Now they could have kept both of them, yes, but it’s not totally unreasonable to think that maybe their approach with the luxury tax would have worked and maybe they would still be in the postseason right now had they gone with the homegrown talent. And just maybe, there wouldn’t be nearly as much of this Greek Freak uncertainty.

The Houston Rockets can relate. They got bruised up by a team that everyone thought Houston had the edge on going into the series and then crushed by the Lakers. Now, Mike D’Antoni is gone. The full-time small ball experiment likely did not work out. Since the Rockets emptied most of their assets to bring in Russell Westbrook and Robert Covington, there may not be a route in which they can become better than they presently are.

The mistake wasn’t trading for Russell Westbrook. The mistake was trading Chris Paul.

To be fair, most everybody severely overestimated Chris Paul’s decline. He’s not among the best of the best anymore, but he’s still pretty darn close. He deserved his All-NBA second team selection as well as finishing No. 7 overall in MVP voting. OKC had no business being as good as they were this season, and Paul was the driving force as to why.

For all we know, the previously-assumed tension between Chris Paul and James Harden would have made its way onto the court no matter what. Even so, Houston’s biggest obstacle in the Bay Area had crumbled. If they had just stayed the course, maybe they’re still in the postseason too.

To their credit, none of this may have happened had it not been for the Kawhi Leonard decision. Had he chosen differently, the Thunder never blow it up, and Houston might have very well been the favorite in the Western Conference. Instead, the Rockets took a step back from being in the title discussion to dark horse. But at least they can take pride knowing that they weren’t expected to win it all – the Clippers can’t.

Seeing the Clippers fall well short expectations begs the question if they too got it wrong. The answer is, naturally: of course not. They may have paid a hefty price for Paul George, but the only way they were getting Kawhi Leonard – one of the best players of his generation – was if PG-13 came in the package. As lofty as it was, anyone would have done the same thing if they were in their shoes. They didn’t get it wrong. Kawhi did.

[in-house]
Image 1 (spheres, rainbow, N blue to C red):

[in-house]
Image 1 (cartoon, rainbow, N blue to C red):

On paper, the Clippers had the most talented roster in the entire league. It seemed like they had every hole filled imaginable. Surrounding Leonard and George was three-point shooting, versatility, a productive second unit, an experienced coach – you name it. There was nothing stopping them from breaking the franchise’s long-lasting curse. Except themselves.

Something felt off about them. They alienated opponents. They alienated each other. At times, they played rather lackadaisically, like the title had already been signed, sealed, and delivered to them. The media all assumed they’d cut the malarkey and get their act together – but that moment never really came. They had their chances to put Denver away, but even if they had, after seeing their struggles to beat them – and to be fair Dallas too – would their day of destiny with the Lakers have really lived up to the hype?

Even if it was never in the cards, one can’t help but wonder what could have happened had Kawhi chosen to stay with the team he won his second title with.

Toronto was the most impressive team in this league this season. They still managed to stay at the top of the east in spite of losing an all-timer like Leonard. That team had every component of a winner except a superstar. They had the right culture for a championship team. Just not the right talent. The Clippers were the exact opposite. They had the right talent for a championship team but not the right culture. That’s why the Raptors walked away from the postseason feeling proud of themselves for playing to their full potential while the Clippers writhed in disappointment and angst over their future.